Meditation is an ideal way to pray. Using God's word (Lectio Divina) allows me to hear, listen and reflect on what the Lord wants to say to me - to one of his disciples - just like He did two thousand years ago.
The best time to reflect is at the beginning of the day and for at least 15 to 30 minutes.
Prior to going to sleep, read the Mass readings for the next day and then, in the morning, reflect on the Meditation offered on this website.
I hope these daily meditations allow you to know, love and imitate the Lord in a more meaningful way.
God bless you!

Thursday, September 8, 2011

Lk 6:27-38 Love Of Enemies

Lk 6:27-38 Love Of Enemies

“But to you who hear I say, love your enemies, do good to those who hate you, bless those who curse you, pray for those who mistreat you. To the person who strikes you on one cheek, offer the other one as well…For if you love those who love you, what credit is that to you? Even the sinners love those who love them.”

It’s easy to say that these words, spoken by Christ so long ago, could never be applied today. But I don’t think they were any easier to understand or apply back then either! In fact, I am sure that in those days of very few human rights and frequent human abuses, these words fell on deaf ears. Worse, these words caused ridicule and scorn.

Love thy enemy sounds wonderful. But what happens when thy enemy is your son’s killer?

It didn’t take me long to find the article I was looking for. I simply Googled, “Mother forgives son’s killer.” And only one article appeared, repeated over and over again by various news agencies.

In February 1993, Mary Johnson’s son, Laramiun, was shot to death during an argument at a party. He was twenty and Mary’s only child. The killer was a sixteen-year-old kid named Oshea Israel. Mary, of course, wanted justice. She even said, “He was an animal. He deserved to be caged.” And he was. Tried as an adult and sentenced to twenty-five years, Oshea served only seventeen years before being released. He now lives back in his old neighborhood, next door to Mary.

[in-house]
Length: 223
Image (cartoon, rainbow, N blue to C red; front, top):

How this happened is a remarkable story of mercy, not of misfortune.

The pain, hurt and anger was so strong in Mary’s life that she began to pray. The prayers continued to be answered but not in the way she expected. She kept hearing the word, “Forgive.” Finally, she went to visit her son’s killer in prison. She kept visiting him. And finally, she was able to forgive him.

Of course, Mary credits the power of prayer and the power of God. But she also understood better than ever how not forgiving is like a cancer. “It will eat you from the inside out. It’s not about that other person, me forgiving him does not diminish what he’s done. Yes, he murdered my son, but the forgiveness is for me. It’s for me.”

For Oshea, it has not been easy. “I haven’t been able to forgive myself yet; I’m learning to forgive myself. And I’m still growing toward trying to forgive myself.” Oshea lives next door to Mary because he wants to keep an eye on her. Every morning he helps to take out her trash. Every morning he checks in on her. He goes to work in the morning and goes to college at night.

Love of enemy is Christianity’s unique contribution to the world’s patrimony of true progress. If most Christians were able to forgive their enemy, the world long ago would have been converted over to Christ. It was this single doctrine that toppled the Roman Empire. It will be this doctrine alone that topples world terrorism.

Christ led the way and we have been called to follow. It’s definitely not easy, but it’s never been easy to pick up a cross and start walking! It was not a bizarre twist of fate that gave Mary Johnson her life back. It was a remarkable sign of faith that allowed Mary to have her life back and a son too. Who would have known! But then again, the name Oshea does mean "helped by God."

It’s also remarkable how a woman named Mary brought forgiveness back to the front pages of the news; and gave us finally some Good News.